My new favorite song is one of the best descriptions of early addiction recovery I’ve ever heard.
“I keep dragging around what’s bringing me down If I just let go, I’ll be set free. Holding on…why is everything so heavy?” – Linkin Park, “Heavy”
While I love the song, I hate rhetorical questions. Why is everything so heavy?
- Because we’ve held it for far too long
- Because it hurts to release pain and we accumulate it by avoiding it
- Because we don’t just have a “chip on our shoulder” We have boulders
- Because we keep things from being “real” by allowing it to only exist within
- Letting go requires making it overt and if you speak it, it becomes really real
- Because a lot of the shame we carry doesn’t even belong to us
For most of us, the way we try “letting go” is to block out the thoughts, repress the memory that’s seared into our brain, and numbing the emotions that go with it. This is actually the opposite of letting go. This is how a child copes when not supported. We accumulate baggage and only experience it in it’s totality.
Anything that overwhelms me has to be broken down into manageable pieces. Every other approach is an exercise in futility centered around mental masturbation. It’s okay that I want to go to extremes and do all of it once and for all. It just doesn’t ever actually work when I try it that way.
I can hate the process and still accept it as necessary. If I allow myself to be a work in progress I can accept that there’s always going to be more to let go of and I can become progressively free every day.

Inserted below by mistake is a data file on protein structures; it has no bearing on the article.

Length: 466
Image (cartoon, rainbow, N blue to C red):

Learning how to let go:
- Pay attention to you. Counselors call it “mindfulness”, which is a nice word for, “Hey, pay attention and notice the things you do automatically that keep you stuck.”
- Notice what your thoughts and feelings. Listen to your self-talk (the critical voice in your head)
- (Hard part): Don’t judge the emotions or reject them – just accept that for this moment, that’s where you’re at. It won’t change while you’re telling yourself you shouldn’t be this way.
- Allow yourself to feel what you feel. You may be feeling anxious or depressed but try to notice what else is present. Experience
- (Harder part) Express Write that shit down. Speak it aloud. Share it with people who care.
- Release it. No, not all of it. Letting go is an incremental process. If you express five minutes of pain, you get to let go of five minutes worth.
We learned to hide everything and hold it in, therefore, letting go does not come naturally at all. We’re afraid we’ll lose some good stuff as we release the bad (that never actually happens). We may even feel like we’re losing a part of ourselves as we grieve and release. What we let go of is only stuff we don’t truly want: pain, shame, guilt, and self-limiting beliefs like the idea that we are not good enough.
Letting go allows us to move away from compensating and toward becoming the ideal version of ourselves.